Second lesson...If a seller doesn't answer questions 'right' the deal is suspect, it doesn't matter what or why, a genuine seller should answer all questions fully within 48 hours of you're asking and supply any extra images you ask for. Indeed it's a good test to ask for extra photographs, as the item should be at hand, having already been recently photographed to put on whatever auction site you're dealing with, and ready for posting? You can't seriously run an eBay seller account without an eMail address, a PC and a digital camera.

So accepting that greed and a pocketful of cash had got me in my own - typically 'eBay' - predicament, renovation was the only choice. I decided that I'd use it as an example for the blog, but my camera was dying this time last year and I still hadn't got the loan of Giles', however it worked a bit better indoors than out, so while they aren't the best shots I've posted they aren't the worst either!

The first thing to do was get the tape off without damaging the paintwork or underlying cardboard. A hot-air paint stripper is the answer, but turned down to the point where you can almost use it as a hair dryer - suggesting that a hair dryer turned up will probably do an equally good job?

The shot on the left shows the tape starting to curl-back on itself, while the little scraps on the right were my entry in this years Royal Academy exhibition!! You can see that there is a slight loss of printers ink as the tape comes away.

Shots showing the dog-ears you'd, expect even if the deal had otherwise gone right, along with the multiple layers of brown paper tape. He's done a good job, and a few years ago I'd have done the same, but having done the inside like this I would never tape the outside? I guess he taped the outside first to get the shape, but you can do that with string or rubber bands...

So - next step; dampen the paper tape and peel carefully, a layer at a time, I use warm water as it seems to penetrate quicker, and a fine mister. Stop peeling every time a tear/peel extends into dry paper or you need to pull harder, go back to the mister, this phase is all about patience. If you over-mist, soak up the residue with kitchen paper.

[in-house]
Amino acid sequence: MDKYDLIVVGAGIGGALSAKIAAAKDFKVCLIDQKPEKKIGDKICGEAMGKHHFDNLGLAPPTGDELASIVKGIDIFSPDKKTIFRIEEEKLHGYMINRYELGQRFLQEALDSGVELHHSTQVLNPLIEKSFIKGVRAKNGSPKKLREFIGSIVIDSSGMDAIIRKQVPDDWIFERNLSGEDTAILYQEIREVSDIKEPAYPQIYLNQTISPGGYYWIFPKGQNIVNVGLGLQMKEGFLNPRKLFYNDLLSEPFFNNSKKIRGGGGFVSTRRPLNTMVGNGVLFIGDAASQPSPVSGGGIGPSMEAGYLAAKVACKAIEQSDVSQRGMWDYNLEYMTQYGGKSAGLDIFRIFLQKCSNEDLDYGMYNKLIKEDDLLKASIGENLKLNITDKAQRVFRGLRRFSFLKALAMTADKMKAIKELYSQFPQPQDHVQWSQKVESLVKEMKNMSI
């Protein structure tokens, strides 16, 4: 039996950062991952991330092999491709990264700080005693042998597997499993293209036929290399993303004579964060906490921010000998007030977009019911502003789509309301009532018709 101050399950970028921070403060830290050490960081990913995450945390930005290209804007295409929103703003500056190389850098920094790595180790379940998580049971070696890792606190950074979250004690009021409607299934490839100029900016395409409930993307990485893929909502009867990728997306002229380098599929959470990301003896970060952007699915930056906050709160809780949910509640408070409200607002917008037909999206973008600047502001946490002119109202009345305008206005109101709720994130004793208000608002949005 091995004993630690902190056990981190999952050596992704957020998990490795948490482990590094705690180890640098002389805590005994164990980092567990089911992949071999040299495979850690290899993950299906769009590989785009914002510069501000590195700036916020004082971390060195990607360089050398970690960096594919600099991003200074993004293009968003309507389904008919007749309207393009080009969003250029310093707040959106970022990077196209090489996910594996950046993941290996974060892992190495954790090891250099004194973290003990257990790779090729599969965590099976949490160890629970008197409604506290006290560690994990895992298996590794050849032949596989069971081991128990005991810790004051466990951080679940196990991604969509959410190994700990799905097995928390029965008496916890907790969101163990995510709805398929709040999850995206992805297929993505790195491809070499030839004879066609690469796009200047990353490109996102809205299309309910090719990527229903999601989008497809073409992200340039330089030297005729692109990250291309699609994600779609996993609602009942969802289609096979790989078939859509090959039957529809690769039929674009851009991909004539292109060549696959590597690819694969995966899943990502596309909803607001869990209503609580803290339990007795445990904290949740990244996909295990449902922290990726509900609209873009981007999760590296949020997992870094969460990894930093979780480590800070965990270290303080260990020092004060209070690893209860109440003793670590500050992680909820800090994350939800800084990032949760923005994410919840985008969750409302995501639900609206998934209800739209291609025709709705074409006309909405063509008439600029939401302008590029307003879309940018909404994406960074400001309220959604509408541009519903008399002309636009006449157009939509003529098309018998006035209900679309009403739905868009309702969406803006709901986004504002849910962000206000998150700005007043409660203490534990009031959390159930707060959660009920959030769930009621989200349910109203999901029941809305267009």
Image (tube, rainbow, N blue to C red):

Once the paper tape is off; undo the box and lay some hardboard on the floor, then carefully, gently using a clean butchers rag (not a duster - it'll dye the whole thing yellow...don't ask, but renovation is a learning curve!) or cotton-wool, and some distilled water (from an auto-parts place) proceed to wipe the whole thing, changing wool/cloths frequently until either of the following happen;

- The cotton-wool/cloth is only slightly discolouring (pale greyish residue)
- The cotton-wool/cloth starts to go pink (or whatever colour the piece you're working with)

Then place a towel over the hardboard, dampen the whole box and then using an iron on a medium setting (not a steam setting - the misting you've given the card will produce all the steam you want), and proceed to iron through a plain sheet of white paper until the whole thing is 'dryish', turn it over and do the same to the other side (to prevent curling).

Once both sides are dryish (the seams and folds will still be dark with moisture), take a new (dry) towel and place an old white t-shirt or sock over the iron, and continue to iron, turning the flattened box regularly until it is absolutely dry...you'll know when that is as it will regain it's full rigidity.


Finally; fold it back up together, and where - a few years ago - I would have advocated the brown-paper treatment, you now only need to bleed a bit of super-glue into the join and hold until it's set.

You can speed-up the setting by huffing on it, like you'd mist a train-window as a kid, the moisture in your breath will activate the super-glue, that's why fingers glue so easily when you're working with the stuff. The hint also works with aerials, photo-etched fret-work and other things on small kits. Indeed - I sometimes set super-glue with a wet paint brush.

The two insets and the circled items in the photograph show a slight discolouration of the super-glue, but you're never going to get it perfect without a three-year museum study course! The arrow highlights the fading caused by eh tape removal, I can live with it, some couldn't.

Was it worth £70 quid?...Of course it bloody was! And nothing some farty little middle-class, middle-aged, overpaid, jumped-up twerp from a country who's military history t'ain't worth writing a book about (yet still managed to do more damage to Africa than us, the French, the Italians and the Germans put together!) says about it, will change the fact.

The vac-formed insert will turn up in a mixed lot of vac-forms at a show eventually - guarantee it, while the vehicles and figures are already in the box! I also disagree with his claim that it's not as rare as the one below it in the above picture, I've seen/handled three of the orange ones (which was later and contained a cross-over mix of early and late type ready-mades), this is my first red one (which being earlier - only contains Attack Force), but those grapes must look so much nicer in his cupboard!

PS - Never, ever, EVER be tempted to use bleach, it eats cellulose and will turn you cardboard to dry papyrus slowly in the cupboard over time, like grapes turn to sultanas if you don't eat them when you see them going cheap!

No comments: